Sky Full of Bacon

I have seen the future, and it works from home.

Or at least from a cute little sandwich shop in Roscoe Village.

So I read there was this new Hawaiian cafe in my neighborhood, Roscoe Village. Hawaiian? I realize that the stereotype, that the main ethnic type in Roscoe Village is Strollermom-American, is well founded, but there’s a reason nearly all the Turkish restaurants in town are within walking distance of me, too, to name one other socio-ethnic group, and so I guess I thought it was possible that there were Hawaiians with a hitherto unsuspected desire for Spam musabi in the vicinity. So I walked up, and saw the day’s special:

Uh, yeah, Hawaiian. Turns out the name was just chosen for its new-agey visualize-your-inner-beach qualities, and otherwise, this is a sandwich shop targeting, yes, Stroller Mom America. It’s attractive, it’s low-key (so no death metal will come on the iPod and wake Baby), the stuff is tame and fairly fresh… and the meats are all, Proudly, from Boar’s Head. Which is when I realized another thing: someone had posted something on LTHForum about a place in my hood selling charcuterie, which had picked up a fryer on the cheap from the late Kaze down the street.  And this was it.  At that moment, my visions of a Salumi-level charcuterie mecca disappeared down a Boar’s Head’s gullet; it’s not that Boar’s Head is bad, exactly, it’s a supermarket brand and it’s one of the better ones, but all that means is, it’s processed to still resemble what it came from, it’s not totally fakey. But it’s not fresh-roasted turkey from Paulina, either, and there are places, like Wicker Park’s Birchwood Kitchen, that don’t just settle for the obvious marketing support you get if you commit to a full Boar’s Head program, but insist on real, fresh (or in the case of La Quercia, cured) food.  And I didn’t just get one of those two minutes from my house.

That said, nothing says you have to eat the things that use Boar’s Head meat-like meat™, and so looking around the menu of fairly light, very white food, I spotted a chicken salad sandwich.  It had asparagus spears in it, which was a nice touch.  It had a lot of lettuce and mayo mixed in, it was clean-tasting rather than especially interesting, if not for the asparagus and the rosemary bread it would have been bland, but (this is the dirty secret of my life as a food explorer) there are plenty of days when I just have to grab something on my street, none of which is going to lead to shouting great discoveries from the rooftops.  So I will be happy just to have this place making fresh, decent food within walking distance.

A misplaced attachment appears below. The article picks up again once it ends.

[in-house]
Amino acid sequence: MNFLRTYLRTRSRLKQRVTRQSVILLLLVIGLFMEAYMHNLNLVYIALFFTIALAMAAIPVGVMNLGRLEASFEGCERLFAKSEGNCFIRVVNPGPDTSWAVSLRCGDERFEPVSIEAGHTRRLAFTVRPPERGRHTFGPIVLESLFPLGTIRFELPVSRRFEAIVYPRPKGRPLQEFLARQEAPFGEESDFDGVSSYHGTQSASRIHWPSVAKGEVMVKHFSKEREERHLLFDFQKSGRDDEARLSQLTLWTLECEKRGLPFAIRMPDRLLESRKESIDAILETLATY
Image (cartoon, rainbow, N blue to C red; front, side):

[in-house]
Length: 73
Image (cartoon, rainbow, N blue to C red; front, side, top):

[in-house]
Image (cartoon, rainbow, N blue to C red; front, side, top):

In any case, what interested me most about this place, as I sat there, wasn’t the food.  Like a lot of people, I think my reaction to Apple’s announcement of the iPad last week was somewhat contradictory: on the one hand, it seems a bit underwhelming, but on the other… I can’t help but feel, and hope, that this oversized iPod Touch is an important first step toward whatever the next thing computing will be is.  It’s a little glimpse of the future, even if it doesn’t quite do much that’s new yet.

Across from me there was a large table.  Two women sat there, with laptops, working.  Next to them was a kid’s table.  Sunlight streamed in the window.  Soft music played overhead.  They nibbled at their food.  We imagine that the future will be shiny, metallic, vaguely fascist in a nice way.  We imagine a future in which all of life is sort of like the Air Force Academy, basically, modernist and hyperorganized:

But in reality, this is the future for which Steve Jobs is creating the iPad, and it’s already here: Mom sitting at a table, doing her work while somebody else is making her lunch, just as when she was a kid herself, and drew at a table while her mom made her lunch.  Or maybe she wasn’t drawing; maybe she was using an Etch-a-Sketch.

Aloha, 21st century.

Nohea Cafe
2142 W. Roscoe
(773) 935-7448

A jibarita at La Bombonera.

I haven’t posted one of my 50 Places Not Talked About on LTHForum for a while, because most of my new places in the last few months were those 14 supermercado taquerias I posted about the other day. And while there were probably enough new places on that list to get me to 50, it would have been boring to finish off the list in one post.

But that doesn’t mean I had my eyes shut all that time.  In fact, I noted a number of places as I was scouting out the supermercados, including several new Cuban or South American places on the northwest side.  One of them, I found interesting enough that it turned into a blog post at the Reader, so go read it there.

In the meantime, a quick followup to my Bolzano Meats post: take some thin slices of guanciale.  Heat in microwave for about a minute, to sweat some fat out.  Dice and place on pizza:

I don’t know if there was such a thing as guanciale pizza before, surely there was, but I was very happy with my possibly-not-original invention.  P.S. Just did a search, should have guessed.  Mozza, whose menu is visible in the entrance at La Quercia, has a LaQuercia guanciale pizza.